It is true that impairment is costly.  One simple function removed, say the capacity for recent or short-term memory, and suddenly a sane and intelligent person is rendered incompetent, paranoid and very depressed.  Crack one hip bone and an independent healthy person may become anambulatory, dependent, at risk of dying soon from the inertia of it all, deconditioning, impending pneumonia.

It is not necessary that impairment result in disaster.  I think it takes three things to protect against it:  avoiding abandonment from others, avoiding abandonment from self, and doing what is before us.  These are processes of willing (even joyful) acceptance of what is, assessment, purposeful action and cooperation, never condemnation and rejection.  We don’t have to give up living just because it seems difficult; if we are mortal we will die eventually despite our ongoing efforts.

We expect some sort of unreal perfection from each other, or at least that the other keep her or his imperfections to her or his self.  We don’t want to have to help anyone else, don’t want to be asked for anything inconvenient.  If we are asked to help we likely will clumsily, politely and haughtily decline.

We don’t want to become dependent ourselves, either.  It threatens sense of self, threatens our underlying American lie that we can do anything we put our minds to.  We cannot.  We cannot live perfect and we cannot live forever.  Perhaps the problem is as simple as the discrepancy between expecting perfection and accepting what really is.

Where did we get such ideas as the hidden expectation of perfection?  Where did we get the idea that it is intolerable to live in a reality in which we go along with what is beyond our power?  Do we really believe we can rule the weather, wrest wealth from the environment and all life about us, conquer disease and death?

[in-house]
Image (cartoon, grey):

Not everyone has always lived this way, perhaps almost no one before nineteenth century America.  (Sad to say, Waldo.)  We are so used to our own assumptions it is difficult for us to consider any alternative or to acknowledge our own rigidities.  What harm can come from inquiring?  Let’s try.

Perhaps the unifying assumption is that those who are imperfect should die.  That sounds extreme, so we don’t think that way out loud.  Instead we say those who are deficient should improve, become proficient.  The homeless should get jobs, the illiterate should learn to read, the potentially ill should prevent disease, the already ill should become well.  It is difficult to expect the victims of Alzheimer’s to get new brainpower from degenerating brains, so we expect them to dwindle and die.  It is difficult to expect those with amyotrophic lateral sclerosis or progressive multiple sclerosis to improve, so we are willing to send them to Kevorkian.

I choose to focus on the problem of hidden expectations, not on technical reversal of chronic progressive disease.  I believe the question of underlying expectations is prior to questions of technique or policy.  It is plausible to allow afflicted persons to choose to end their lives, but it is not necessary to promote either assisted suicide or its evil twin, a prolonged dying without comfort or dignity.  What we tend to overlook in arguments about euthanasia and abortion is the self-fulfilling effect of expectations.  Defining ‘quality of life’ or justifying life-ending actions depends on expectations which too often deny mortality and impairment as given conditions in every individual’s existence.

These arguments should center on and illuminate our understandings of freedom, but unless our underlying expectations are free to be scrutinized, argument will produce only noise and heat and dust and blood, not freedom.  The underlying assumptions we are reluctant to acknowledge are not so simple, that we expect to be free of impairment and pain, that it is acceptable to do away with those who seem dependent, that individually we are responsible to avoid becoming imperfect and if any of us becomes so we should do away with ourselves.  These add up to the simple denial that we are mortal and imperfect.